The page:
Better Dead Than Rude

Political correctness began as a reasonable adjustment of manners, but as an ideology, it corrupts language and dulls thought.

by John Derbyshire

Cant, n. The expression or repetition of conventional, trite, or unconsidered ideas, opinions or sentiments; especially: the insincere use of pious phraseology

My household favors the brand of iced tea that has little believe-it-or-not factlets printed on the inside of the bottle caps. The other day, my son opened a bottle of this stuff, turned over the cap, and reading from it, asked the room: “What was the first human-made object to break the sound barrier?” Dad: “First what object?” Son (not very patient with this sort of thing): “The answer’s a whip.” Dad: “I know, but … ‘human-made’? What happened to ‘man-made’?”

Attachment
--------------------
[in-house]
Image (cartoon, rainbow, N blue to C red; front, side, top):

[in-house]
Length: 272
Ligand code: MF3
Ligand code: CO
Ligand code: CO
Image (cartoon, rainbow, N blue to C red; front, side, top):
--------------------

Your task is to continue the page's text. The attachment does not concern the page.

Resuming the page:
We all know what happened to it, of course. Political correctness—hereafter “PC”—happened to it. To say “manmade” would be wrong. Some female maker of whips somewhere might suffer hurt feelings.This is the sensibility of our times. Since the late 1980s, when it first came to general attention and acquired a name, PC has been part of our lives. Those of us of a conservative temperament—those, I mean, who demand of any large social change that it be weighed in the scales of liberty, order, amenity, and reason, that it be justified—have been scoffing at, grumbling about, deploring, or excoriating PC for 20 years now, yet its sillier manifestations can still make us gasp.